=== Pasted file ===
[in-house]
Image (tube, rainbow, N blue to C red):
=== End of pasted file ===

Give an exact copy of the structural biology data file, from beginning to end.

[in-house]
Image (tube, rainbow, N blue to C red):